Actual Bodily Harm
Assault occasioning actual bodily harm is a type of common assault and is considered as a serious offence.
Under sec 59 of Crimes Act 1900 this offence attracts maximum penalty of 5 years. The penalty increases to 7 years if the offence is committed in a company of someone. However, if the matter is dealt in local court the maximum penalty is 2 years.
Actual Bodily Harm means any injury which is calculated to interfere with the health or comfort of the victim. The injury does not have to be permanent but must be more than ‘merely transient or trifling’.
The extent of the injury as well as the degree violence are a material consideration in sentencing. Scratches and bruises amount to actual bodily harm. Surprisingly, the Courts consider psychological harm, to a substantial degree, as actual bodily harm.
What needs to be proved
The prosecution does not have to show the intent of the accused to cause harm to the victim to prove guilt. All they have to show that an offence has occurred resulting in actual bodily harm. The prosecution needs to show beyond reasonable doubt each of the following:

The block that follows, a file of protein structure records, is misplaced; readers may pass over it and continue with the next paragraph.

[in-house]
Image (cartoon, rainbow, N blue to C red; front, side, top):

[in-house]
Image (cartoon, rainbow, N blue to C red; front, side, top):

- Committed an act of applied force to another person;
- You did so intentionally or recklessly;
- Did so without the consent of the person;
- Without lawful excuse;
- Your action caused bodily harm to the person.
Self defence is the most common defence used to actual bodily harm charge.
Other defences include duress, necessity, lack of intent or recklessness to assault, the injuries caused are not due to the assault or they do not constitute actual bodily harm.
Emphasis can be given to the facts presented by the prosecution as to how the incident occurred. The prosecution has to prove that the incident has occurred in the manner they allege, which can be disputed.
Sec 10 Bond
The Courts have discretion to hand out sec 10 bond to a criminal offence. It means the court does not record a criminal conviction and give good behaviour bond for a specific period. But it is not always attainable due to the seriousness of the crime even if there no criminal history.
However, if we convince the court not to convict you based on the antecedents, persons character, age and heath and mental condition.
If you have been charged with assault occasioning actual bodily harm, our experts at Sydney Criminal Defence Lawyers can help you. Call in to book an appointment.